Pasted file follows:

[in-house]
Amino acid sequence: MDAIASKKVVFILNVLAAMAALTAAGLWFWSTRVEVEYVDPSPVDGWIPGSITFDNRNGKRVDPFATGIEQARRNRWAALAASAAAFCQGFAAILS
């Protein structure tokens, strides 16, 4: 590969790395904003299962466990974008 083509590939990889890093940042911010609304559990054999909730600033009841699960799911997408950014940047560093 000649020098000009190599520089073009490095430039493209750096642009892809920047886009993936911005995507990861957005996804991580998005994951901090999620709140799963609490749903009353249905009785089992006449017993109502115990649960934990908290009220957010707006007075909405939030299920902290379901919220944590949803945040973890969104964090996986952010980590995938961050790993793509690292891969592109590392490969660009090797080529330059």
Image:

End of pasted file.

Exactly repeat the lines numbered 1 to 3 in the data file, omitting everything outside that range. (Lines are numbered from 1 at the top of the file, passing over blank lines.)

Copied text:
[in-house]
Amino acid sequence: MDAIASKKVVFILNVLAAMAALTAAGLWFWSTRVEVEYVDPSPVDGWIPGSITFDNRNGKRVDPFATGIEQARRNRWAALAASAAAFCQGFAAILS
């Protein structure tokens, strides 16, 4: 590969790395904003299962466990974008 083509590939990889890093940042911010609304559990054999909730600033009841699960799911997408950014940047560093 000649020098000009190599520089073009490095430039493209750096642009892809920047886009993936911005995507990861957005996804991580998005994951901090999620709140799963609490749903009353249905009785089992006449017993109502115990649960934990908290009220957010707006007075909405939030299920902290379901919220944590949803945040973890969104964090996986952010980590995938961050790993793509690292891969592109590392490969660009090797080529330059």